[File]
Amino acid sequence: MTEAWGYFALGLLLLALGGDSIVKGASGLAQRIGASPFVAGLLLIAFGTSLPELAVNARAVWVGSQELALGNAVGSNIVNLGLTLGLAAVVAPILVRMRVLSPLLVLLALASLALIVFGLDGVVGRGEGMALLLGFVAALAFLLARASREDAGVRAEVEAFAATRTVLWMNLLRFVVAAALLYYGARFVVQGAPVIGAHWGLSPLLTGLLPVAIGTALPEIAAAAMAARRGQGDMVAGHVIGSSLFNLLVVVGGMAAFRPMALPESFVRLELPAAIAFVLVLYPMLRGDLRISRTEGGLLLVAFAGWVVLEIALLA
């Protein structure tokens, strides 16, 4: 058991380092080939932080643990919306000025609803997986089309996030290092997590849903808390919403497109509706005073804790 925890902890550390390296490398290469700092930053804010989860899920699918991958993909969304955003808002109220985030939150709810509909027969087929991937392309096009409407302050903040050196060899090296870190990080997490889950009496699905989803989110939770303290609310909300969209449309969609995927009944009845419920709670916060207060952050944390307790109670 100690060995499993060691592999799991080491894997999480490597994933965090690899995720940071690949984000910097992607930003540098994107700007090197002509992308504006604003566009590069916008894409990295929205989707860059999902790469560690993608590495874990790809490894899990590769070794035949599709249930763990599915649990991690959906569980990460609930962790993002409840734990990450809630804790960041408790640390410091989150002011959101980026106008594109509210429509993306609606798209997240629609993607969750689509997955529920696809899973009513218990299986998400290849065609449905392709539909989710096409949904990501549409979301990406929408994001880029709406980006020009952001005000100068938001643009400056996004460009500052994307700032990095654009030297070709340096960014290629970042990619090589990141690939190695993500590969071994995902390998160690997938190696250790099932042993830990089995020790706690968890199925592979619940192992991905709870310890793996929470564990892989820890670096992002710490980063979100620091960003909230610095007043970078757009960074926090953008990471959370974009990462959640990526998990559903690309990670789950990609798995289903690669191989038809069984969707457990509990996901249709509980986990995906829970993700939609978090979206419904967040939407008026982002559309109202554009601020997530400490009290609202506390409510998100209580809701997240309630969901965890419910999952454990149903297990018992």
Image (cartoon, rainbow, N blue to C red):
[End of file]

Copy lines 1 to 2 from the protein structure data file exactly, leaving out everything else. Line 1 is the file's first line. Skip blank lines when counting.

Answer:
Amino acid sequence: MTEAWGYFALGLLLLALGGDSIVKGASGLAQRIGASPFVAGLLLIAFGTSLPELAVNARAVWVGSQELALGNAVGSNIVNLGLTLGLAAVVAPILVRMRVLSPLLVLLALASLALIVFGLDGVVGRGEGMALLLGFVAALAFLLARASREDAGVRAEVEAFAATRTVLWMNLLRFVVAAALLYYGARFVVQGAPVIGAHWGLSPLLTGLLPVAIGTALPEIAAAAMAARRGQGDMVAGHVIGSSLFNLLVVVGGMAAFRPMALPESFVRLELPAAIAFVLVLYPMLRGDLRISRTEGGLLLVAFAGWVVLEIALLA
């Protein structure tokens, strides 16, 4: 058991380092080939932080643990919306000025609803997986089309996030290092997590849903808390919403497109509706005073804790 925890902890550390390296490398290469700092930053804010989860899920699918991958993909969304955003808002109220985030939150709810509909027969087929991937392309096009409407302050903040050196060899090296870190990080997490889950009496699905989803989110939770303290609310909300969209449309969609995927009944009845419920709670916060207060952050944390307790109670 100690060995499993060691592999799991080491894997999480490597994933965090690899995720940071690949984000910097992607930003540098994107700007090197002509992308504006604003566009590069916008894409990295929205989707860059999902790469560690993608590495874990790809490894899990590769070794035949599709249930763990599915649990991690959906569980990460609930962790993002409840734990990450809630804790960041408790640390410091989150002011959101980026106008594109509210429509993306609606798209997240629609993607969750689509997955529920696809899973009513218990299986998400290849065609449905392709539909989710096409949904990501549409979301990406929408994001880029709406980006020009952001005000100068938001643009400056996004460009500052994307700032990095654009030297070709340096960014290629970042990619090589990141690939190695993500590969071994995902390998160690997938190696250790099932042993830990089995020790706690968890199925592979619940192992991905709870310890793996929470564990892989820890670096992002710490980063979100620091960003909230610095007043970078757009960074926090953008990471959370974009990462959640990526998990559903690309990670789950990609798995289903690669191989038809069984969707457990509990996901249709509980986990995906829970993700939609978090979206419904967040939407008026982002559309109202554009601020997530400490009290609202506390409510998100209580809701997240309630969901965890419910999952454990149903297990018992």